The Christina Conservancy has received $249,300 in federal funding intended to make the lower Christina and Brandywine rivers in Wilmington fishable and swimmable within a generation.
“This award is a paradigm shift,” said John L. Williams, president of the conservancy’s board of directors.
The grant will be used to create a plan to remove PCBs from the river bottom. PCBs, or polychlorinated biphenyls, are highly toxic industrial compounds.
“Most remediation to date has been cleaning up brownfields adjacent to the rivers – the side of the bathtub, if you will,” he said. “This plan looks at how to clean up the bottom of the bathtub, the river itself. This is a blueprint for Wilmington to be an emerald city.”
The Delaware River Watershed Conservation Fund grant, from the National Fish and Wildlife Foundation and U.S.Fish and Wildlife Service, is part of a three-year investment of $770,397 for remediation, restoration and resilience, counting in matching funds from the conservancy, the state Department of Natural Resources and Environmental Control and other sources.
Williams said the project started with sonar mapping of the river bottom and core sampling to identify fine-grain settlements that trap PCBs.
“This grant avoids the waiting game of having to wait a century for past PCBs to flush themselves out of the river,” he said. “The actual remediation strategy has yet to be determined, but preliminary testing of SediMite is showing promise. That involves sprinkling carbon grains that contain active bacteria engineered to ‘clip off’ chlorine atoms from benzene rings in PCBs, neutralizing and capturing them.”
This was done successfully in Dover’s Silver Lake, he added.
The most prominent development on the Wilmington Riverfront is along the Christina. The Brandywine joins the Christina just to the east of the Riverfront and just to the west of I-495.
“Being able to swim in and eat fish from these rivers are long-term goals,” said Marian Young, president of BrightFields, an environmental firm in Wilmington. “This grant launches a new level of river stewardship.”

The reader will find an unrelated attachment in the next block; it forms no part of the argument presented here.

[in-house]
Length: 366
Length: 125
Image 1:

The grant was one of 37 totaling $8.1 million, announced from the fund. Other Delaware grants:
• The Caesar Rodney School District received $147,302 for habitat restoration and outdoor education. The project aims to restore underutilized space at 10 schools through student-led EcoTeams, classes, district staff and community partners. That goes with $140,348 in matching funds.
• The Delaware Department of Agriculture received $250,000 to improve the diversity and quality of cover crops in Kent County to increase water quality for fish and forage for migratory birds. That goes with $384,000 in matching funds.
• The Delaware Department of Natural Resources and Environmental Control received $500,000 to restore wetlands and a failing water control structure in the Thousand Acre Marsh, on the southern side of the Chesapeake & Delaware Canal, just west of the Delaware River. That goes with $1,107,594 in matching funds.
• Delaware Wild Lands received $129,247 for habitat restoration and land protection at Taylor’s Bridge, near Townsend. The project will restore 42 acres of agricultural lands, maintain 45 acres of recently restored wetland buffers and protect 100 acres via land acquisition. That goes with $130,800 in matching funds.
• The New Castle Conservation District received $349,085 to demolish a 6-foot high, 160-foot wide dam on the White Clay Creek. The project will restore a mile of the river, enabling shad and river herring to spawn. That goes with $355,000 in matching funds. Another dam on the White Clay was breached in 2014 for the same reasons. It was called the state’s first recorded dam removal.